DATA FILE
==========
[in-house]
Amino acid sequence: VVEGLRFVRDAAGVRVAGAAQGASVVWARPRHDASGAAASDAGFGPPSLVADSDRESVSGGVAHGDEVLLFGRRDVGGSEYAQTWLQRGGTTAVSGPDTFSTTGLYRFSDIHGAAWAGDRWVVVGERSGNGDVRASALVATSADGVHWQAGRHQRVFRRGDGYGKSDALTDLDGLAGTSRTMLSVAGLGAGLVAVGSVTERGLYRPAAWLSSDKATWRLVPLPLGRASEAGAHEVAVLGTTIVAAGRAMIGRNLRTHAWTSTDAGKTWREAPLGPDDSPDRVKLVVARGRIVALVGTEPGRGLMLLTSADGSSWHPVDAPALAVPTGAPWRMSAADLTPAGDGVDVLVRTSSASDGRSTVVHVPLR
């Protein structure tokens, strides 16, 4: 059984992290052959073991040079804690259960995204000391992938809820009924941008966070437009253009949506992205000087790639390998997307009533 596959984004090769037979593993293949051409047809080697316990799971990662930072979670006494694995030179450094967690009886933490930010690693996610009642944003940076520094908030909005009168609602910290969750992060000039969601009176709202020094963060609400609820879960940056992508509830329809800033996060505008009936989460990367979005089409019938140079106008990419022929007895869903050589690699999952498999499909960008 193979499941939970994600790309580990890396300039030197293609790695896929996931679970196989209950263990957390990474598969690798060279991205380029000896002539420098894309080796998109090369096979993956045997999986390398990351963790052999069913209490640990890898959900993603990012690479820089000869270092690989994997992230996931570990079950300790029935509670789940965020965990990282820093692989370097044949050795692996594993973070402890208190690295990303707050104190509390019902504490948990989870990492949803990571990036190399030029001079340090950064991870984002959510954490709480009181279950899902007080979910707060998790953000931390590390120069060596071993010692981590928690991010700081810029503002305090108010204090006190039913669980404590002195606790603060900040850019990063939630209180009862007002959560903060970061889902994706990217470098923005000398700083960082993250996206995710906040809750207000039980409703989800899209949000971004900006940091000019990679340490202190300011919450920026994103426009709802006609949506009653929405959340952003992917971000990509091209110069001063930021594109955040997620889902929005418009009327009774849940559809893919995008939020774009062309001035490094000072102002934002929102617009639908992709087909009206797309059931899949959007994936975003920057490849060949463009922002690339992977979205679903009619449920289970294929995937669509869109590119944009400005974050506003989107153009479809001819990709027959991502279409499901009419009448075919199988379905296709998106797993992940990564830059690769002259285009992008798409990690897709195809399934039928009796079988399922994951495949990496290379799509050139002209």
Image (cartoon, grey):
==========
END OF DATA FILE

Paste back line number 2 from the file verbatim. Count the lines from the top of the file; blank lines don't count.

Amino acid sequence: VVEGLRFVRDAAGVRVAGAAQGASVVWARPRHDASGAAASDAGFGPPSLVADSDRESVSGGVAHGDEVLLFGRRDVGGSEYAQTWLQRGGTTAVSGPDTFSTTGLYRFSDIHGAAWAGDRWVVVGERSGNGDVRASALVATSADGVHWQAGRHQRVFRRGDGYGKSDALTDLDGLAGTSRTMLSVAGLGAGLVAVGSVTERGLYRPAAWLSSDKATWRLVPLPLGRASEAGAHEVAVLGTTIVAAGRAMIGRNLRTHAWTSTDAGKTWREAPLGPDDSPDRVKLVVARGRIVALVGTEPGRGLMLLTSADGSSWHPVDAPALAVPTGAPWRMSAADLTPAGDGVDVLVRTSSASDGRSTVVHVPLR